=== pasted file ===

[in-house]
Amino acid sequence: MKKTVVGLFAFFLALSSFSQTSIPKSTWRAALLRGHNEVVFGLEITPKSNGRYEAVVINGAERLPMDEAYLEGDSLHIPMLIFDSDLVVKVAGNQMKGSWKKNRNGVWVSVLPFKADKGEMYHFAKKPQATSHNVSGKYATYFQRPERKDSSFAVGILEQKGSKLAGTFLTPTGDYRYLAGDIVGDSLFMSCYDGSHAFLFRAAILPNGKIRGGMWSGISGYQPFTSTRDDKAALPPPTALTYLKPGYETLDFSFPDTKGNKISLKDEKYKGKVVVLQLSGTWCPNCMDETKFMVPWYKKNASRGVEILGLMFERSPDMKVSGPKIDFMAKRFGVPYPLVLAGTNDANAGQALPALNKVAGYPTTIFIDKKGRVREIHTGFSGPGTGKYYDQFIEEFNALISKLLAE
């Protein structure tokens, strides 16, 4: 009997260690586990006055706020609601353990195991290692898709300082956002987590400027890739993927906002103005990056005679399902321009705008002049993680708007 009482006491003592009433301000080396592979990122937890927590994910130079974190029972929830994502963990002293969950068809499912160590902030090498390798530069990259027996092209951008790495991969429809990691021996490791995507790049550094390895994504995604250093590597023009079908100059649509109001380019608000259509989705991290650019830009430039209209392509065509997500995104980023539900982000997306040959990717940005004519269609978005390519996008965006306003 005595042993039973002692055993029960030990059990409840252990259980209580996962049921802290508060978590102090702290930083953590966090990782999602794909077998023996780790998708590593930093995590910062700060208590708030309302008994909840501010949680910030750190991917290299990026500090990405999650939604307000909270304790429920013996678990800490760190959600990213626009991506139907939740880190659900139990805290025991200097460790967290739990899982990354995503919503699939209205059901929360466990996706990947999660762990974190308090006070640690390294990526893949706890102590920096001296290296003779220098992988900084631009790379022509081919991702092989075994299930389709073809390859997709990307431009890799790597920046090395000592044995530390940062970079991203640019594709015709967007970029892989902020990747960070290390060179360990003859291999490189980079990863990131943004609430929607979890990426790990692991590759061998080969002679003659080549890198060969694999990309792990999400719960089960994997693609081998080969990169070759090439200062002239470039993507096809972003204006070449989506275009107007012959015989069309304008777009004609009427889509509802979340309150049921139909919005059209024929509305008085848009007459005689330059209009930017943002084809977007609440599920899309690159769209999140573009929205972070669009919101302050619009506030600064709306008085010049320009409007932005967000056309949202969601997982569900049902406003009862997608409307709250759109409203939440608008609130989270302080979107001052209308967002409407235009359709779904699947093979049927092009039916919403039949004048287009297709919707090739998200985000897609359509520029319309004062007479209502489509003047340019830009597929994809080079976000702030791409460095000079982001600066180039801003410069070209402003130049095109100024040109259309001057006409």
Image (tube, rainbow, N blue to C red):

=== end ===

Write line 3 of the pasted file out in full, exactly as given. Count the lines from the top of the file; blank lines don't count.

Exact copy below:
């Protein structure tokens, strides 16, 4: 009997260690586990006055706020609601353990195991290692898709300082956002987590400027890739993927906002103005990056005679399902321009705008002049993680708007 009482006491003592009433301000080396592979990122937890927590994910130079974190029972929830994502963990002293969950068809499912160590902030090498390798530069990259027996092209951008790495991969429809990691021996490791995507790049550094390895994504995604250093590597023009079908100059649509109001380019608000259509989705991290650019830009430039209209392509065509997500995104980023539900982000997306040959990717940005004519269609978005390519996008965006306003 005595042993039973002692055993029960030990059990409840252990259980209580996962049921802290508060978590102090702290930083953590966090990782999602794909077998023996780790998708590593930093995590910062700060208590708030309302008994909840501010949680910030750190991917290299990026500090990405999650939604307000909270304790429920013996678990800490760190959600990213626009991506139907939740880190659900139990805290025991200097460790967290739990899982990354995503919503699939209205059901929360466990996706990947999660762990974190308090006070640690390294990526893949706890102590920096001296290296003779220098992988900084631009790379022509081919991702092989075994299930389709073809390859997709990307431009890799790597920046090395000592044995530390940062970079991203640019594709015709967007970029892989902020990747960070290390060179360990003859291999490189980079990863990131943004609430929607979890990426790990692991590759061998080969002679003659080549890198060969694999990309792990999400719960089960994997693609081998080969990169070759090439200062002239470039993507096809972003204006070449989506275009107007012959015989069309304008777009004609009427889509509802979340309150049921139909919005059209024929509305008085848009007459005689330059209009930017943002084809977007609440599920899309690159769209999140573009929205972070669009919101302050619009506030600064709306008085010049320009409007932005967000056309949202969601997982569900049902406003009862997608409307709250759109409203939440608008609130989270302080979107001052209308967002409407235009359709779904699947093979049927092009039916919403039949004048287009297709919707090739998200985000897609359509520029319309004062007479209502489509003047340019830009597929994809080079976000702030791409460095000079982001600066180039801003410069070209402003130049095109100024040109259309001057006409």